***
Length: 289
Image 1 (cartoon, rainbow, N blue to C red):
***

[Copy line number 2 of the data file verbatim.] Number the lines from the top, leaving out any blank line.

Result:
Image 1 (cartoon, rainbow, N blue to C red):